The recent disturbing events in Charlottesville, Virginia, are being displayed on news outlets across the country on all platforms. No matter how hard you try, its likely your child will either see them first hand or hear about it from a friend.
On a Skype call during a flight layover on his way to offer help in Charlottesville, clinical psychologist Andrew Mendonsa of Sacramento explained some of the issues effecting folks in Virginia.
“I think it’s pretty difficult. I think people are really torn,” Mendonsa said. “I don’t think they’re used to seeing this kind of behavior from all the different sides and I think it’s a wakeup call for a lot of folks that things we thought were kind of over and done with, is still very much in the fabric of many communities and many societies.”
HOW TO SPEAK WITH YOUR CHILDREN WHEN A NATIONAL TRAGEDY STRIKES
The biggest message to get across for children is that others may have a different point of view but that doesn’t mean it should reach the point of violence. What happened in Virginia this weekend is two polar opposite groups of demonstrators that reached a hostile tipping point.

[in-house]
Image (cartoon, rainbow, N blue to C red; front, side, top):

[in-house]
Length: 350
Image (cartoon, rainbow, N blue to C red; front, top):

“The number one thing you can do for kids is to remind them you know look, we can have a disagreement, we can talk about it, we can find a solution. In a civil, you know non-violent way,” Mendonsa said.
ANSWER THEIR QUESTIONS HONESTLY
Communicate with your child. You should answer their questions honestly. Ask what your children may be hearing, feeling, and what their friends are talking about.
Mendonsa said to bring truth and understanding to what they are saying. You may also bring other concepts or ideas in from teachers, other family members, or other areas to better educated your children. It’s important to correct the misinformation.
LAY OUT YOUR FAMILY VALUES
A stark difference of opinions lead to the clash between groups in Virginia this weekend. Explain what values your family has and what they stand for.
“The biggest thing to you know remind kids about is that everyone grows up a little bit differently,” Mendonsa said. “We all have different backgrounds and we’re all raised a different way, we’re all brought up with different values.
Solidify your family values and discuss how they may be different than others. This can teach them how others may similar, different, good and not so good.
BALANCE MEDIA BUT DON’T SHELTER THEM
When the Sept. 11 attacks happened, images were displayed over and over again. Mendonsa said to balance the bad with the good. Don’t have the television running 24/7 with those images, but don’t completely remove them from your household either.
Have some wholesome family media on as well. But, stray from sheltering your children which can lead to them drawing their own conclusions that are not accurate.
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